The evidence supporting these three strategies has been around for many years, and guidelines produced by national and international organizations recommend using these treatments (http://pediatrics.aappublications.org/content/early/2014/01/28/peds.2013-2744.full.pdf). For example, groups such as Ottawa Public Health and CHEO, in partnership with parents of young children, have co-produced educational brochures targeted at parents of babies and children about ways to reduce pain during early childhood vaccination (http://ottawa.ca/en/residents/public-health/disease-and-medical-conditions/reducing-pain-during-vaccination). Yet, too many babies still have blood tests, vaccinations and other painful procedures with no pain treatment. This is shown over and over again by published studies of practices in neonatal units (http://www.nainr.com/article/S1527-3369(15)00089-6/abstract), pediatric hospitals,1 and in community settings where vaccinations take place.2 In addition, YouTube is full of videos showing crying babies having blood tests and injections with no pain treatment (http://www.biomedcentral.com/1471-2431/14/134) and most news reports about the importance of early childhood vaccinations show crying babies and screaming toddlers being held down during their vaccinations (https://mobile.twitter.com/OttawaSunMike/status/567169619824504832/photo/1).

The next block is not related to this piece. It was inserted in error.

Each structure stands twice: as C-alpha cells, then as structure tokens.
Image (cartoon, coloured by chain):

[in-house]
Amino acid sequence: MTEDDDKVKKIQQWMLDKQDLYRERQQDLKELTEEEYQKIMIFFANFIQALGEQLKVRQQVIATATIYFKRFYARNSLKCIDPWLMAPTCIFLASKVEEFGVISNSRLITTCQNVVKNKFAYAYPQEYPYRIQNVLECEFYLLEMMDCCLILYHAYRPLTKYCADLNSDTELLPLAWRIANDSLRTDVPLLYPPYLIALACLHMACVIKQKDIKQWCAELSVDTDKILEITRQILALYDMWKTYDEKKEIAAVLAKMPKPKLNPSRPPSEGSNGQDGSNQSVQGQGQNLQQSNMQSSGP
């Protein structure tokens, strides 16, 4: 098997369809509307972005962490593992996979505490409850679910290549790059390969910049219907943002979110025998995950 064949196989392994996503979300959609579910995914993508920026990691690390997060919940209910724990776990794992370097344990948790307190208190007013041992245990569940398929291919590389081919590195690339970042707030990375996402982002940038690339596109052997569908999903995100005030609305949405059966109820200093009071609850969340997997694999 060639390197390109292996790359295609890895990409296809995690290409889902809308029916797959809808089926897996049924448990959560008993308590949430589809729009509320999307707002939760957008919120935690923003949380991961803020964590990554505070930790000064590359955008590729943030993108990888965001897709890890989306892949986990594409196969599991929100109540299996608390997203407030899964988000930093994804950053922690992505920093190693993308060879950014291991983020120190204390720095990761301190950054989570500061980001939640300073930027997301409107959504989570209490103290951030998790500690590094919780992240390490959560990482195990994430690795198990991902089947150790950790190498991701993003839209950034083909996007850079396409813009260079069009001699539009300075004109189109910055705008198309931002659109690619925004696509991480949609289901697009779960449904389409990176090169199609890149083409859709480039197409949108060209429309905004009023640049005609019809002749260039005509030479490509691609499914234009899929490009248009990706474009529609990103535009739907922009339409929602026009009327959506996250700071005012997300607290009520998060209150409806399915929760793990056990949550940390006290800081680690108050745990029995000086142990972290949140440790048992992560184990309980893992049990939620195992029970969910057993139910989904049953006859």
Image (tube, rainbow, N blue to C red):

Education about how to effectively reduce pain in babies, in the form of guidelines and publications, including systematic reviews is available for health care providers in the various settings where babies have painful needles. However, as the uptake of evidence is low, our Be Sweet to Babies team, in partnership with parents of babies and young children, felt we needed to include parents of babies in our educational plans. Studies tell us that parents want to know more about how to help comfort their babies during painful procedures,3 so we wanted to help parents know about the pain reducing effects of breastfeeding, skin-to-skin care and sugar water (sucrose or glucose) and how to use these treatments. We therefore produced a brief YouTube video which shows newborn babies having their blood tests while these three strategies are being used (http://tinyurl.com/BSweet2newborns). The video clearly shows the profound calming and pain reducing effects of breastfeeding or holding their baby skin-to-skin during the blood test, as well as the effectiveness of sugar water, for when parents cannot be present. Voice-over clearly explains in user-friendly language how parents can help their babies by working with nurses and doctors to use these strategies. The video has also been posted onto YouTube in French (http://tinyurl.com/BSweet2newborns-French), Spanish (http://tinyurl.com/BSweet2newborns-Spanish), Portuguese (http://tinyurl.com/BSweet2newborns-Portuguese), Arabic (http://tinyurl.com/BSweet2newborns-Arabic), Mandarin (http://tinyurl.com/BSweet2newborns-Mandarin), German (http://tinyurl.com/BSweet2newborns-German) and Inuktitut (unlisted link: https://youtu.be/9TulDO77uag). Our goal is that the BSweet2Babies video, in all the languages will help empower parents of healthy and sick and premature babies to advocate for their babies, and to partner with the health care team members to support their babies during painful blood tests and other procedures, such as vaccinations.